As we enter the Thanksgiving holiday, there is always a lot to be thankful for. Whether in our own lives, or in this industry we are part of, there’s quite a bit to reflect on and find happiness with.
Focusing specifically on this industry for a moment (we are a cloud blog, afterall) it’s hard, however much the good spirits and happy expectations of food might sway us to be nice, to excuse the turkey in the room in need of roasting: cloud washers. (Check out our CEO’s take on cloud washing, here).
So what is cloud washing, and why does it deserve such a lambasting? Well the best definition comes from SearchCloudStorage: “Cloud washing (also spelled cloudwashing) is the purposeful and sometimes deceptive attempt by a vendor to rebrand an old product or service by associating the buzzword “cloud” with it. ” So taking a step back from this, its easy to see why companies might want to do this. There is a great history of businesses reselling old products under new names. That in-and-of-itself is not a crime, though perhaps it isn’t always as honest as it should be.
So why is cloud washing so bad? Well for one it completely disregards the basic value components associated with cloud. One of the primary aspects that drives adoption of outsourced cloud is the technology is commoditized and the cloud provider is able to pass those savings along to the customer. This means that cloud washers are charging whatever fee they believe fits the need. This is hardly realizing the full cost potential related to cloud.
In other ways, cloud washers, while simulating cloud function, fall behind on delivery. Some companies use pretty robust ticketing systems to make the customer feel like they are receiving an ordered cloud instance (VM etc.) only to have someone on the back-end actually installing a server in a rack. Not only does this alter the cost profile, but it greatly increases the time to deployment, thwarting the cloud promise of instant provisioning of resources (in the public version).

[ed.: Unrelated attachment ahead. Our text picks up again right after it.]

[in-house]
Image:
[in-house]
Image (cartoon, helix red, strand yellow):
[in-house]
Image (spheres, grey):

Beyond this, because a rack is installed and the commodity cost savings are not passed through to the customer, businesses that are duped by cloud washers aren’t actually paying only for what they need. Hint: If a company is looking to charge a monthly minimum, they’re probably a cloud washer.
It’s not that the functionality, at least initially is impacted. If it didn’t seem cloudy, people would pick up on it too fast. But in situations like Superstorm Sandy the reliability of these pretenders can really damage a business, since they are not being run in the same way as a truly outsourced cloud infrastructure.
However, despite pointing out such flaws in the approach of the cloud washers, consumers will be motivated by whatever version best suits the needs of their business. And that’s OK, in the short term at least. Since business is increasingly moving toward the cloud, eventually the needs of a particular company will navigate them to a good provider, since the performance, cost and reliability aspects of cloud benefits will continue to evolve.
P.S. Happy Thanksgiving!
By Jake Gardner